Landlords

How can landlords be so optimistic during such a supposedly challenging time?

Ying Tan
|
8th November 2018
ying tan 2

A recent survey that was picked up by quite a few of the property trades brought, I would imagine, some much needed light relief for landlords in the UK.

After months of reading headlines about a mass exodus of landlords with thousands of landlords said to be fleeing the sector, the survey by investor forum and advice website The Property Hub painted a very different story.

It revealed that almost 80% of landlords actually planned to buy more property in 2019 while 70% said that even if the UK leaves the European Union without a deal this would not affect their plans to increase their portfolio. In a direct contradiction to the Armageddon headlines of landlords selling up and running for the hills, the study found a massive 84% of landlords actually have no plans to sell any properties whatsoever.

So how can landlords be so optimistic during such a supposedly challenging time? The answer is this market actually provides plenty of opportunity – for those landlords who have grown and adapted with the changes. Those landlords that are selling up are freeing up properties, often in areas of high rental demand, which those investors sticking around can snap up.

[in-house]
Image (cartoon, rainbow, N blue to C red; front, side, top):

It’s clear that demand for rental property remains very high. Indeed, according to the Association of Residential Lettings Agents (ARLA) Propertymark rental demand has increased 13% annually.

Yes, measures are being taken to improve the housing market and make more affordable housing available to would-be first time buyers. And rightly so, of course. But, as we’re all well aware, government measures on issues of this scale can take an awfully long time to come to fruition and even longer to have an impact. In the meantime, those people will need good quality rental properties and professional landlords.

And, of course, there will always be people who, for one reason or another can’t or don’t want to own a property. For these people, a healthy rental market will always be essential.

Furthermore, while the government is indeed focused on the housing market, it has also signalled that it recognises the importance of the rental market, not least in last year’s Housing White Paper.

And finally, responding to the challenges facing landlords, lenders in the field have gone out of their way to help landlords by slashing rates and making their product ranges more attractive.

So while some may look at this recent survey with surprise that a mass exodus isn’t taking place, I’d say really it just tells us what most of us already know.

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